A new round of courthouse closures
December 4, 2020
The orders begin similarly, “In consideration of the Fourth Emergency Joint Order, 2020 OK 96 as issued jointly by the Oklahoma Supreme Court and the Oklahoma Court of Criminal Appeals, the continued rise of COVID-19 cases, and the predicted rise of infections” … and proceed with various closure announcements for courts across the state.
We checked in with a few OBA members to see how the December round of closures affects their practices and clients.
Aaron Arnall is a family law attorney in Midwest City with Crosthwaite Law Firm and chair of the OBA Technology Committee. He said the closures are a bit like the movie Groundhog Day referring to similar closures that began in March of 2020. “It’s hard. Especially for my clients, who expect some sort of resolution, or at least progress, with their cases. If you can’t get anything worked out with opposing counsel, the closures have left cases in limbo until you can get into court again.”
On the bright side, Arnall says it’s nice not having to wear a suit everyday, but he misses seeing colleagues as frequently as he used to.
Rebecca J. King, partner, King & Winningham, said she could not survive without her wonderful staff. “I am forever grateful for their continued help and support as we navigate through this.” She said her office has fully utilized its PracticePanther software that has helped with efficiency in sending texts, emails and updating calendars to clients about closures, and then again with rescheduling. Still, she said it’s tough.
“Clients are generally understanding, but are certainly frustrated (especially in those instances of not having access to remedy from the Courts within their statutory time). Many are facing illness, loss, layoffs, childcare issues, and just the current general anxiety present in day-to-day life. It’s difficult not always having the full answer to many of their concerns. Client calls or appointments that would typically take 10 minutes for a quick case update are taking much longer, but I feel like I have been engaging with my clients more based on that additional time spent checking in on them. The natural drawback is the result of less time to deal with more substantive work when my days are spent speaking with clients and updating them with what is effectively ‘there is no update,’” said King.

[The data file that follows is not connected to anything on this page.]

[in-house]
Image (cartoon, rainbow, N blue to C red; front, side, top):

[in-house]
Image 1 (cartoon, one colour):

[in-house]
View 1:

Rachel Morris, senior attorney, Evans & Davis, said attitude is everything, especially during a global pandemic. “I have a letter board in my office. For most of 2020, it read, ‘It may pass like a kidney stone, but this too shall pass.’ Luckily, my clients have been rolling with the punches fairly well for most of this insane year. The December/January closings at least come at a time where most folks have other obligations to keep them occupied. The Covid numbers are nothing short of terrifying, and bumping a hearing a few weeks is the least we can do to stop the spread,” said Morris.
“The legal community has always been a tight-knit group; and, for the most part, I think we have only grown closer during this pandemic. It’s important to remember the words of John Lennon and Paul McCarty (and made even more famous by Joe Crocker) that we
“get by with a little help from [our] friends.”
Rebecca J King
King & Winningham